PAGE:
One particular text in the corpus I want to highlight is the famous Oath (Adamson, 2014) which focuses on professional integrity, benevolence and human dignity (Kleisiaris et al., 2014) In particular, I want to highlight some of the points from the Modern version of the Hippocratic Oath, that were already present in Hippocrates’ arguments: (Harris and Buchbinder, 2021):

  • Medicine should be based on and respect the evidence produced through the scientific method.
  • Overtreatment and overdiagnosis should be avoided.
  • Understanding of natural history of symptoms and reassurance of patients takes precedence over medical interventions.
  • Doctors should be honest about the actual limited effectiveness of certain medical interventions.
  • Treatment should be based on individual patient circumstances and presentation as opposed to scans and other investigations.
  • The focus on medicine should be on public health measures focused on healthy lifestyle as opposed to more passive and sometimes invasive interventions.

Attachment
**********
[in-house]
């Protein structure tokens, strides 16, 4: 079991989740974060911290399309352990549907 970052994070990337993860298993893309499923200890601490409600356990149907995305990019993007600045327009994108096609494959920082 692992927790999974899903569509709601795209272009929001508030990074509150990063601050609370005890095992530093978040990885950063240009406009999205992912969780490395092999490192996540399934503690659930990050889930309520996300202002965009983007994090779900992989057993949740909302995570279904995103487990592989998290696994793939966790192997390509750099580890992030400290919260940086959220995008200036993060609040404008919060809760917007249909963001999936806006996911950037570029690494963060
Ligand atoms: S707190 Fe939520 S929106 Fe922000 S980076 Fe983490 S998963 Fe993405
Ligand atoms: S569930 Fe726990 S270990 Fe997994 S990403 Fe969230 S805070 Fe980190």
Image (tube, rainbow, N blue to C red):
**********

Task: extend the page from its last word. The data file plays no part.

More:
I find it astonishing that despite these values being present since Hippocrates and doctors the oath being considered the code of conduct for medical doctors even in present day, a lot of the current problems in healthcare stem from these ideals not being adhered to. Some examples are unnecessary imaging, opioids, and surgery for non-serious back pain; arthroscopic surgery for knee osteoarthritis; subacromial decompression surgery for shoulder pain; platelet-rich plasma injections for tendinopathies and osteoarthritis. (Harris and Buchbinder, 2021). I will also point the finger at my own profession of physiotherapy and highlight other problematic examples such as offering “diagnoses” that are no more than natural anatomical variations, also overestimating the effectiveness of interventions such as massaging, manipulating and sticking needles in people’s bodies, disregard for patients’s individual environment and circumstances. Why do healthcare professionals behave in this way? Curiously because of the following trait that they appear to have in common with many practitioners of alternative “medicines”: reluctance to admit that they don’t know and seeing not testing or treating a patient as a failure to care (Harris and Buchbinder, 2021).